As much as I’m usually a one-man-army and am overseeing ‘The Director’, there’s two others that are directing the three short plays: ‘Confessions’, ‘Not I’ and ‘The Human Voice’. I chose the pieces and I am producing them, but former Copenhagen International School of Performing Arts (CISPA) graduates Nina Voit and Constantin Gindelle have adapted those plays and turned them into something very special. Plus we’ve got tech-wiz Igor Halicki making sparks fly.
‘Confessions’ lines up Hinrik Kanneworff, who was placed #2 on the CPH POST English-language Theatre Trailblazers for 2018, and Maria Winther Nørgaard, who is a regular TV/film actress and was the standout in Ian Burns’ ‘After Miss Julie’ a couple of years ago.
Who would you cite as your biggest inspiration?
Chicago’s Steppenwolf Theatre Company (John Malkovich, Laurie Metcalf, Gary Sinise, Ellen Burstyn, Joan Allen etc) took the power away from autocratic theatre owners by putting on and acting in their own productions. And they changed the nature of theatre.
So that was a major point too with Leftfield. That we wouldn’t have to go sucking up to these awful artistic directors and do our dances for the pater familias. That we would produce, direct and act in our own shows – with our taste and our balls.
What do you think about Danish theatre?
If you asked the average person outside Denmark to name five famous Danes, most would struggle. Why does a country with say a million more in population than Ireland produce so few renowned people? Why so little cultural impact? Is it janteloven? Are they too happy to create?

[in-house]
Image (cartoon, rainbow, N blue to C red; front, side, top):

Both those things I’d contend to be true, but are there really so many people without anything to say? We all know that most great art stems from the blues or having a fire up your arse, so is it because there is no great drama in Denmark that there is no great drama?
People here want farces, romcoms, light entertainment, improv. But if we as creatives don’t represent all facets of life and the human condition, including the horrific, then we’re in danger of denying their existence. And just like a person in denial, problems don’t get solved until they’re acknowledged, confronted and explored – laughed at even and made light of. It’s Jungian. The more we expose demons the weaker they become.
It begs the question is it better to live in contented oblivion and produce nothing of value and have nothing to say, or stare deeply into the abyss of truth and though there be monsters so there be gifts from the gods.
I’ll argue the latter until I’m blue in the face and just like old man Nietzsche said: “Art is the proper task of life” and “You must have chaos within you to give birth to a dancing star.”
Why are you so drawn to taboo subjects?
Art cries out for it. The public certainly cry out for out. It’s an artist’s job to represent their times, and Leftfield Theatre is never going to shy away from unmentionable subjects ; nothing representative is off limits.
Taboo subjects, degradation and controversial subject matter pervade life. We like it, we seek it out, we’re naturally drawn to it. Especially when it doesn’t directly involve us.
Which is why for example 1.5 million videos of the massacre in Christchurch last month were uploaded to Facebook within 24 hours. It’s one of the reasons why something like ‘Game of Thrones’ is so popular.
It’s a cardinal sin to be boring. Theatre for me is one of the truest, most daring and astonishing of the art forms because there is no hiding behind a painting, a song, a film, a book. It’s live and the performers know they’re being scrutinised and judged every second they’re in front of an audience.
Boring can never be levelled at Leftfield. It can, however, be levelled at most theatre in Denmark.